Friday, March 14, 2008

Air Force Predictions for 2063 (1963)

The 1963 book, 2063 A.D., includes the predictions of Brigadier General Irving L. Branch. Branch was a commander at the Air Force Flight Test Center and predicted that by 2063 exploration of the near planets (Mars, Venus, Jupiter and Saturn) will have been accomplished with manned vehicles. He also predicted that the moon and Mars will be heavily populated with researchers living in space colonies.

His contribution to the book appears below.
1. What kind of space vehicles do you think man will be using?

In the year 2063, a broad spectrum of space transportation systems will exist. Fusion power will provide the primary energy source for the large space transports of 2063. Single stage, high thrust recoverable boosters using a conventional thermal rocket engine propulsion cycle will provide ascent capability from the surface of earth or other planets, whereas low thrust electric propulsion will give an efficient means of transport in the low acceleration environment of free space between the planets. Both chemical and nuclear propulsion will, however, be used as required to extend the operational domain of man.

2. How far out in space will we have moved?

Thorough exploration of the near planets - Mars, Venus, Jupiter and Saturn - by manned vehicles will have been accomplished by 2063. Preliminary manned exploration of the outer planets and all secondary bodies of the solar system as well as comets will be in process. A major effort will be fully organized to develop a transportation system for manned exploration of our closer stellar neighbors.

3. What sort of colonization will have taken place on other planets?

Population of the moon will have attained 100,000 by 2063. Primary products of the lunar colony will be rocket propellants for planetary exploration. Mars will attain a population of 10,000 by 2063, though rate of growth at that time will far exceed that of the moon. Population centers of the moon and Mars will consist primarily of research and engineering personnel with supporting technicians. Colonies will contain an acceptable mix of both male and female personnel. Development of these extra-terrestrial colonies will occur employing a transport mechanism operating with a steadily reducing crew return rate, i.e., emphasis will be given to encouraging a oneway system of space transport. Scientific and economic information will be readily communicated between the colonies though personnel and cargo will tend to remain fixed upon first delivery to the specified target body of the solar system.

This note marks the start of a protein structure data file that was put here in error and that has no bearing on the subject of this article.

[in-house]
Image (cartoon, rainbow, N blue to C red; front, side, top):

4. Will we have moved closer to a one-world concept in our space efforts?

The one-world concept in our space efforts will not be particularly strengthened because of steady improvements made in propulsive capabilities. Independent scientific exploration and economic development of our solar system by many nations will be possible prior to 2063, due to readily available low cost propulsive systems.

5. What will ballistic missiles be used for?

Ballistic missiles will not be employed as a weapon system by 2063 due to development of other more lethal military systems and due to increased international competition in the scientific exporation and economic development of our solar system.

6. What natural resources will be taxing in outer space?

No extra-terrestrial natural resources will be taxed with direct monetary return to earth though the growing economic systems of the lunar and planetary colonies will maintain independent taxation for maintenance and development of local activities. Monetary benefits to the international bodies on the earth will accrue only through application of scientific information derived from interplanetary and interstellar exploration.

7. What commercial ventures will have derived from this feature?

Space transportation will have comprise the bulk of interplanetary activities though the primary goals of such extra-terrestrial colony will be the extraction of scientific data and transmission of this information.

See also:
General Dynamics Astronautics Time Capsule (1963)
Broken Time Capsule (1963-1997)
Lyndon B. Johnson on 2063 A.D. (1963)
Edmund G. Brown's Californifuture (1963)
James B. Utt on Space Travel (1963)